The number of Toxoplasma carriers without detectable tachyzoites antibodies, who can potentially become ill from a chronic active toxoplasmosis based on an increased activity within the cysts is unclear.

From my observations it can be assumed that the number is significant, otherwise there would not appear so many younger patients in my case collection (about 40%), who suffer from a chronic active toxoplasmosis without any detectable tachyzoite antibodies.

If the immune system ceases to produce Tachyzoite antibodies after some years, the disease will no longer be detectable in the blood. This does not mean that the Toxoplasma in the cysts are inactive.

There are numerous indications that an increased activity in the cysts can trigger a symptomatic illness, since, contrary to older assumptions, bradyzoites do not rest, but can be active and can reproduce and cause illness. This refers to the findings of Fergusson et al. (1989), McLeod et al. (2008) and Watts et al (2015).”34,35,36

Dr. Uwe Auf der Straße has observed that there was no significant difference in observed symptoms between his patients with positive antibody tests and his patients with negative antibody tests in whom he suspected chronic active toxoplasmosis, based on the preliminary diagnostic method he developed and ruling out other illnesses that can produce similar symptoms. (He also took into consideration their positive reaction to toxoplasma therapy.)

“I am convinced that a significant activity within the cysts, predominantly of the bradyzoites, is the decisive reason for the illness in both groups of patients who all have inconspicuous IgM values with regards to tachyzoites, and whose IgG values, if indeed there are any, don’t show any direct correlation to the severity of the illness.

The clinical pictures in both groups are identical, and the toxoplasmosis therapy is even more effective in group B [negative antibody tests]. The bradyzoites, the activity of which we cannot measure, are currently underrated strongly, and our established laboratory values produce only a pretended security.

It is difficult to develop reliable bradyzoite-specific tests, since bradyzoites reveal themselves only rarely to the immune system and only lead to a limited antibody production.”37

“Thankfully, basic research has begun to address this problem, and there are new and promising methods being developed, with the aim of getting a grip on this problem and reveal hitherto not detectable toxoplasma presence and even to determine the cyst burden.”38

Toxoplasma and the Mind

According to Kathleen McAuliffe, author of the book “This Is Your Brain on Parasites,”39 researchers have noticed a strong correlation between toxoplasma infection and schizophrenia and other mental disorders in humans. She also notes studies where anti-psychotic drugs inhibited toxoplasma in vitro.

In fact, the mind-controlling ability is Toxoplasma’s “trademark.” I wrote about it earlier in the article titled, “Don’t Underestimate Mind-Controlling Parasites.”

To quote Dr. Uwe Auf der Straße again, whose book I can’t recommend enough, “symptoms comprise an increased risk for the occurrence of schizophrenia40,41,42,43 psychoses44 or aggressive behaviour, also a doubling of the risk for accidents in cases where Toxoplasma antibodies have been detected.45

Explanations for that may point to the mentioned behavioural changes and the decreasing psychomotor resilience46 due to Toxoplasma infections. It is scary that even an increase in the number of attempted suicides has been correlated with antibody detection in toxoplasmosis.”47,48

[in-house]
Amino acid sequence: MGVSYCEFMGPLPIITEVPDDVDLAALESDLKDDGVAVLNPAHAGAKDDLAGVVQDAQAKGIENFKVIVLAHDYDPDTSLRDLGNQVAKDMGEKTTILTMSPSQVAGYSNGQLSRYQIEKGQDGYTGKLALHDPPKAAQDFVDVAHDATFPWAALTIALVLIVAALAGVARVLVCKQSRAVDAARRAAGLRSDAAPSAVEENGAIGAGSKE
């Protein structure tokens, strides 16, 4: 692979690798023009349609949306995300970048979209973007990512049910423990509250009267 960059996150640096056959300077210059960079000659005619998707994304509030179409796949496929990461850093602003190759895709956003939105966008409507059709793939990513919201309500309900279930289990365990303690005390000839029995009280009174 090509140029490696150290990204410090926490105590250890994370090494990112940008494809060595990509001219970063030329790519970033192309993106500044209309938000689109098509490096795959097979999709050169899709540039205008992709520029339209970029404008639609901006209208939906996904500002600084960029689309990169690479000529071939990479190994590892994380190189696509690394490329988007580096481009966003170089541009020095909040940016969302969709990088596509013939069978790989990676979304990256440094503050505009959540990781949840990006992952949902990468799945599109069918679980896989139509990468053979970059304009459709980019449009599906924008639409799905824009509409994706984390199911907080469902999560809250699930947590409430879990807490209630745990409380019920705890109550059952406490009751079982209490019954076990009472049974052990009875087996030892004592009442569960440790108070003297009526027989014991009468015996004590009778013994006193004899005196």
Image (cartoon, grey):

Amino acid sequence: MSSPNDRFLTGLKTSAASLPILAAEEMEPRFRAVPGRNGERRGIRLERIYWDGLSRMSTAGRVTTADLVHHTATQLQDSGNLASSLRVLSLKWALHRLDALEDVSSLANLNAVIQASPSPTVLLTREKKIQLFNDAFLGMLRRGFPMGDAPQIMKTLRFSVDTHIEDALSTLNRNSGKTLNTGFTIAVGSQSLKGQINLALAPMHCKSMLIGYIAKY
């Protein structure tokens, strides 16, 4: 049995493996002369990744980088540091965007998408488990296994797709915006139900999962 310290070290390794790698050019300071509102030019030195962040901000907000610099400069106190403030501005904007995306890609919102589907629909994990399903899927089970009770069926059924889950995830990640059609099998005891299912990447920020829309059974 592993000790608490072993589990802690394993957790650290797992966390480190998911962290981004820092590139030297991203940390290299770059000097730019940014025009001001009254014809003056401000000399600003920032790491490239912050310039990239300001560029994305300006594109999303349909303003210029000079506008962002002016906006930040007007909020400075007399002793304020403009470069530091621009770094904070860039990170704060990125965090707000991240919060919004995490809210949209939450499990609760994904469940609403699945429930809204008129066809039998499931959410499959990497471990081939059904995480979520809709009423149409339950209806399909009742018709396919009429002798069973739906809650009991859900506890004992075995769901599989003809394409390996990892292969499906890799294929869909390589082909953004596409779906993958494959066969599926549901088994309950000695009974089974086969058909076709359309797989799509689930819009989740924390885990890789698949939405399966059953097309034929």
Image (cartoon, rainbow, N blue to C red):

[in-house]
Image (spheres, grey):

“It fits this bill that toxoplasmosis infected rats are known to lose all fear of cats. They literally seek them out in broad daylight, to be eaten in the end, a behaviour that is very advantageous for the spreading of Toxoplasma, but not so good for the rat. The consequence is clear.

When the host is ‘ripe’ and contains many bradyzoite – cysts, it is simply more useful for the parasite when dead instead of alive, particularly if the death is caused by a cat. Death by car accident or suicide are thus somehow “inappropriate”, but can be regarded as a somewhat macabre continuation of such behavioural disturbances in the present.”

Many Tricks of Toxoplasma

The tricks of this parasite are endless. For example, it knows how to hijack the host’s macrophages — and instead of being destroyed by a macrophage,49 take over it and use it as a temporary home to transform into the active form and then use it as a cab to travel around the host’s body!

According to the accepted view, the release of actual “eggs” from the ingested oocysts into the host’s system happens due to the processes in the host’s digestive system. However, a study came out showing that the process can happen in the absence of digestive factors, and that the parasite can not only survive but also transform into its most active form inside macrophages, after being “eaten”:

“Our results show that the oocyst internalization kinetics can vary among a given population of macrophages, but similar processes and dynamics could be observed. Most of the cells manipulate oocysts for ~15 min before internalizing them in typically 30 min … Liberated sporozoites within macrophages then differentiate into tachyzoites within 4-6 h following oocyst-macrophage contact.”

Another paper, titled, “Inhibition of nitric oxide production of activated mice peritoneal macrophages is independent of the Toxoplasma gondii strain,” shows that Toxoplasma is capable of inhibiting nitric oxide production. Nitric oxide, that plays an important role in immune response50,51 and is frequently mentioned in the context of COVID.